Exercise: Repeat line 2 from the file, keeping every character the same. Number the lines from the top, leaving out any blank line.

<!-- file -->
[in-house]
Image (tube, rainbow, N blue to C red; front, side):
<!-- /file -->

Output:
Image (tube, rainbow, N blue to C red; front, side):